Sidney Kombo-Kintombo: The Talokanil, there were on-set actors who played different characters, Ruth Carter designed different outfits. Weta workshopped the hero characters, but we followed the lead of the characters on-set and made a series of digi-doubles to match the different groups, the warriors and different citizens. Part of our input was also into the design of the marine life, we researched what lives very deep under the water - hatchet fish and snail fish, and tubeworms, there's beautiful NASA footage of the deep hydrothermal vents, we used a lot of that as reference. That footage was amazing, I didn't know anything about that until after this project.

You specified a few of the legend characters. I'm assuming you cruel Attuma and Namora. What portion did you've got in planning those, and how did you folks bring them to life?

Sidney Kombo-Kintombo: A lot of our work with those characters involved digital versions to match on-set costumes that had been designed. Namora had this headdress, there were times we'd add that digitally, same with dry-for-wet shots with Namor. A lot of our work with the main characters was working to the brilliant designs they'd come up with, making digital versions of them.

How did you oversee to form the crowns carry on legitimately submerged?

Sidney Kombo-Kintombo: I'd almost forgot about this until you mentioned it, one of the first things they did in pre-vis was get early access to the tank, so they put in different materials and had a stunt team go in, do all this sitting down and moving that Namor did. This helped our dry-for-wet shots, we weren't just trying to imagine what it should look like, we had a nice video-reference. Then our creatures department, running the simulations, could see where things were off and adjust the stiffness. Then some of this would be creative too, you didn't want certain things flapping up, you'd have to weigh them down.

What would you say was the hardest portion of Wakanda Forever's water impacts?

Sidney Kombo-Kintombo: The toughest part is the computation needed to do it correctly. The principles involved takes a lot of computation, getting the balance right of having the correct detail, being in control with creativity, getting that balance. But we always had the principle of you learn the rules, and then you're allowed to break them, but try to learn them first.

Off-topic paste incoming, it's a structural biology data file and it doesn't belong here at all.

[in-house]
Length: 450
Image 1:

With the third-act fight, there's an terrible part going on there. What parts did Wētā play in that?

Sidney Kombo-Kintombo: Our part was mostly them coming up to the vibranium detectors, and then they come up and there's Namora smashing the bottom of the sonic emitter. Since we were below the surface, that was what we covered, a combination of tank shoots and CG as well.

What accomplishment would you say you're most pleased of in Wakanda Until the end of time?

Sidney Kombo-Kintombo: It's odd because it goes back and forth. I love the look of Talokan and the city, I've always found environments appealing. But, personally, I do love the mining mission. There's shots in there that just don't feel generated, it's hard to describe but it's organic, cloudy, all the things in the aesthetic that I kind of like. Even the way the light flared, you almost throw away some of the detail, I like when things are hidden and not fully visible, there's a lot of that in that sequence. It appeals to my aesthetic. You know there's stuff out there, but you can barely make it out.

I'm mindful Wētā FX is working on Avatar 2 as well. Did you utilize any of the same strategies there, or did a few of the lessons you learned complement that?

Sidney Kombo-Kintombo: We've been learning about water for many years, trying to get a better understanding of it. All the things we've learned have informed both, everything that we're doing. With Wakanda, this unique area deep below gave us such a different aesthetic, it's kind of like we're always doing research. It never ends, continuing to help with the multiple shows.